Mayank Shekhar: The stellar art of non-conversation
What makes for great television might well sometimes be the least insightful interaction
Since this was quoted to me, I don't recall the original author of the 'gubbara principle' of interviewing. Wherein, the art of scoring a great journalistic interview lies in treating the interviewer like a balloon - pumping him up with immense praise, over at least three-quarters of the conversation. By which time, he's totally on your side.
At some point, with no space left for any more air and flattery, you smartly/casually prick that excessively bloated balloon, finishing the chat off with the most uncomfortable/controversial questions, when he least expects them. He has no option, but to comply. As a rare (if not the only) Indian journalist who, for about three decades, has made a living, almost entirely from interviewing public figures on national television, Karan Thapar clearly follows the opposite of the 'gubbara principle' - going for the kill, right from the first shot.
This explains the two interviews of politicians he's best known/revered for. The irony is that through those two very interviews, at least consciously, we learnt nothing about the interviewees themselves. One, being Narendra Modi (as Gujarat CM), who walked out in three minutes flat. The other, J Jayalalithaa (as Tamil Nadu CM), who'd so had it, it's unlikely she would've revealed anything anyway.
Did they both make for great television? Absolutely. To get that, you only have to acknowledge current-affairs' anchor Thapar's art of conversation as being hinged not so much on interviews - question-answer, often staid, even staged - but deeply entertaining duels, in the spirit of a cross-examination, at a British parliamentary-style debate, where participants (usually two on either side of the motion) are dressed impressively in formal suits, rebuttals are delivered with flourish, and debates conducted, naturally, with less interest in understating, or even granting an argument - as much as in demolishing it. You're in it, to win it.
Applied to a one-on-one format, this would mean taking a temporarily adversarial position, backed by persistence, right from the point of bringing the guest to the table (countless calls), and metaphorically banging his head on it, before it's all done. You shake hands then. And hope to meet another day. Much of where Anglophile Thapar's style comes from is present in his memoir, Devil's Advocate: The Untold Story, which he literally dictated to his secretary - perhaps like Bertie Wooster to Jeeves? Son of ex-Army chief, Thapar was president of Cambridge Union (top debating society).
An early lesson he learnt while working with Channel 4 was from its programming head, John Birt, "who famously believed there were only four answers to any question an interviewer might ask-yes, no, don't know, and won't tell. The job of the interviewer was to collapse the last two into the first two." Having lived in two deeply political capitals, New Delhi and London, Thapar's book is understandably littered with several name-droppings-he was Benazir Bhutto's BFF, close to Aung San Suu Kyi. Growing up, he hung out with the Prime Minister Indira Gandhi's kids, Sanjay and Rajiv. The latter, as PM, got him a job, with an IAS Secretary-level rank, in Doordarshan, and thereafter with the Hindustan Times' television company.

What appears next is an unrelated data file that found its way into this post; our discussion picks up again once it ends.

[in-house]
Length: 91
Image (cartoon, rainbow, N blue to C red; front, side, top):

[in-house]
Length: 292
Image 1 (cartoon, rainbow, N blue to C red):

This level of proximity between journalists and powers-that-be, is often derided as 'Lutyens' class' in political circles, and of late, on social media. It's fashionable to treat media (misnomer for press), which is only a plural for medium, as a monolith-for it primarily operates on access, or patronage.
This is a popular political tool to diminish a voice. Within the circle itself, you only have to watch Thapar's contemporary, Madhu Trehan, interview him (twice), supposedly in his style, on Newslaundry, to get a sense of how much everyone pulls each other down like bickering babies anyway, making Twitter trolls seem tepid in comparison.
Either way, the act of interviewing, at least for that moment, places upon the host a certain amount of power (given every word has an audience) that he can either exercise to gently draw out his subject - by being curious on the audience's behalf - or push them into a corner, to score a point. The best interviewer, according to Indian television's top fire-brand Arnab Goswami, as he told me once, is James Lipton (who conducts In The Actor's Studio, with Hollywood stars). Each episode is a compelling profile.
Thapar's 'Devil's Advocate' style works best only with politicians, since other public figures (from pop-culture in particular) owe you nothing. You didn't like her movie/music-you're free to not hear/watch it. Unsurprisingly, Thapar says his toughest interview was with the reticent AR Rahman, although that chat was quite genial; the warmth, if you may, was missing. Maybe that's what he's incapable of.
Still, it can be a tricky thing to converse with those who aren't, strictly speaking, social equals-I say that, since the audience is interested in the interviewee, not so much the interviewer. There is also an understandable, even inevitable, possibility of getting star-struck. I find Thapar fittingly star-struck before the camera. Only that he's convinced he's the star! This could annoy some (viewers, let alone the subject). Frankly, I'll take that over the perennially servile, or the selectively ferocious, any day.
Mayank Shekhar attempts to make sense of mass culture. He tweets @mayankw14 Send your feedback to email@example.com
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